Mental illness ups and downs

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Carriage House, Ft. Wayne, Indiana
Carriage House, Ft. Wayne, Indiana

During meetings of the Carriage House board, we talked so often about the need for an elevator in the building, I’d lost track of the ongoing fundraising, architect’s plans for the project and its construction.

Yet 15 years later, here was the announcement of the dream come true on the front page of the morning Journal Gazette. What’s more, the headline over the story was “above the fold.” Such placement adds to the significance of the story, as this veteran journalist was quickly to note.

For many of the hundreds of Carriage House members, the news of the installation of the elevator means they’ll be able to get to the second floor where you can find a snack bar, a bank for members, a clerical space and video studio.

No more dealing with two flights of stairs for members with physical handicaps – or just not able to join in what’s going on in that floor.

My understanding is that the elevator also reaches to the lower floor. That’s where members can do their laundry, rather than enlisting a friend to help out.

It cost over $200,000 to construct and install the elevator in this early 20th Century mansion on a hill. The funds came from private donors and community development block grants.

But this is so much the story of the Fort Wayne clubhouse, one of several hundred such rehabilitation programs worldwide, the granddaddy being the Fountain House on West 47th Street in New York City.

The program is simplicity itself. It’s organized around the work-ordered day. Twenty or so members meet daily to assign jobs, from housekeeping to yard work to clerical jobs. Lots of members hold temporary jobs in the community. That includes businesses, law firms and restaurants. For years, my Unitarian church has hired a number of club members for custodial work.

In our family, my son John has been on the faculty of the International Center for Clubhouse Development – the ICCD it’s usually called. This oversight group based in New York’s Fountain House sends him and a paid staff to spend a few days at another clubhouse around the country.

These faculty visits help the local program identify strengths and problems, measured against long-accepted standards for effective programs to help persons with a mental illness get back into the mainstream of community life.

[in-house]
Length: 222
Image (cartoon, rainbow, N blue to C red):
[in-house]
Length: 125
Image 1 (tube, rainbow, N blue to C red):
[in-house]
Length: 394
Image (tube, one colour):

Which brings me to the big story at Fort Wayne’s Carriage House. It’s not the installation of an elevator, as important as that is. The big story is played out daily in the lives of the more than 1,500 members.

For them, the clubhouse is a place to develop life-long friends. It’s a place to brush up on job and life skills. It’s a place to begin to recover from this most devastating and seemingly hopeless disability.

Clubhouse members have skills and knowledge and friendship to share with others in their community. What a wonderful mission for this remarkable institution called the Carriage House.

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Sanctuary on Lake Avenue

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Carriage House, Ft. Wayne, Indiana
Carriage House, Ft. Wayne, Indiana

I’ve got to admit that this posting is personal.

It’s not just that I once battled depression myself and spent a few weeks in a psychiatric ward, back in the early 1970s. Or that my son John and daughter Robyn suffer from mental illness. Over the years, I’ve made so many friends who suffer and so many advocates that it’s like having an extended family.

That’s exactly the feeling I have about the Carriage House on Lake Avenue, here in Fort Wayne.

Yes, I have a special interest in this rehabilitation center. I’ve been on the board since the beginning, in the 1990s, before I retired writing editorials for The Journal Gazette.